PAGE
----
Government & Politics

A New $10 Bill to Become Reality

Politically correct times call for politically correct changes.

Michael Swartz · Jun. 22, 2015

Years ago, when you could actually get change for a dollar at McDonald’s and getting a sawbuck in a birthday card was a huge deal, all of our paper currency was green and looked relatively the same, with the likeness of the president or Founding Father being the one key difference. The image became part of the lingo in some cases, such as “doing it for the Benjamins.” Even as the old greenbacks morphed into paper money with so many colors that it was more suitable for a Monopoly game, we still featured the same old dead white guys on the bills. But that’s about to change.

Politically correct times call for politically correct changes and, over the last few months, social media has driven a call to replace Andrew Jackson on the $20 bill with a woman. After careful consideration from a public more fascinated by the gender confusion of Bruce Jenner than real issues such as the lack of an economic recovery that makes these bills harder to come by, their preference was to replace Jackson with Harriet Tubman. In doing so, we could achieve a politically correct twofer as both the gender and color barriers would be shattered.

Apparently the Treasury Department heard the call and decided that in 2020 we will see the revamped … $10 bill. But instead of replacing a president who some feel is unworthy of the honor of being on the $20 bill because of his mistreatment of Native Americans and ironic stance against paper money, we are instead eliminating from the currency a man who arguably did as much as any president to give the money its worth. Yet Alexander Hamilton, a key author of The Federalist Papers and defender of our Constitution, was not a Democrat. Andrew Jackson was — even if it wasn’t in the modern-day sense of the Democrat Party. So out goes Hamilton.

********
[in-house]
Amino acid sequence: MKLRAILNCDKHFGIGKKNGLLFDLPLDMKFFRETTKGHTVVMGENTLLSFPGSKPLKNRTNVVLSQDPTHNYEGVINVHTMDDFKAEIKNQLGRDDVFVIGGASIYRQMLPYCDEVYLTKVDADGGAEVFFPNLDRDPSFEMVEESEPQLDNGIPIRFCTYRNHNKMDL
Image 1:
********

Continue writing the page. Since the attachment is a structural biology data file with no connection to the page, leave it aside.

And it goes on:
One has to wonder, though, what is truly wrong with the currency we have and why the need for change now. The official explanation for including a woman on the $10 bill instead of the $20 is that its redesign is slated to debut in 2020, a year that also commemorates the ratification of the Nineteenth Amendment giving women the right to vote.

But why can’t we take a different course of action? Inflation has eroded the worth of our money to a point where even a $100 bill can’t buy a week’s worth of groceries. And in the annals of our currency is the $500 bill, though it hasn’t been circulated since 1969. That bill exists with the likeness of William McKinley, another president who defended the gold standard. Maybe it’s time to drag the $500 bill out of mothballs and place a woman on that note. After all, who could complain when a woman is featured on the highest denomination bill we have? It sure beats the other idea of putting Hillary Clinton on a wooden nickel.

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